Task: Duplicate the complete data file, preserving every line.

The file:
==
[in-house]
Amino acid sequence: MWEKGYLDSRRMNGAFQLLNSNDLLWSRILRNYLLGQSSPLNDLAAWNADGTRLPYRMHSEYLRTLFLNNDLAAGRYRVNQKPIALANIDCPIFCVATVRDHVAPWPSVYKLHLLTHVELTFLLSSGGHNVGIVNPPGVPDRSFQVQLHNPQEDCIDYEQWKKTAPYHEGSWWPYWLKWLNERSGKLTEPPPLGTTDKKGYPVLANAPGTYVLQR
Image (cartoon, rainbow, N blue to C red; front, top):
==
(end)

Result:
[in-house]
Amino acid sequence: MWEKGYLDSRRMNGAFQLLNSNDLLWSRILRNYLLGQSSPLNDLAAWNADGTRLPYRMHSEYLRTLFLNNDLAAGRYRVNQKPIALANIDCPIFCVATVRDHVAPWPSVYKLHLLTHVELTFLLSSGGHNVGIVNPPGVPDRSFQVQLHNPQEDCIDYEQWKKTAPYHEGSWWPYWLKWLNERSGKLTEPPPLGTTDKKGYPVLANAPGTYVLQR
Image (cartoon, rainbow, N blue to C red; front, top):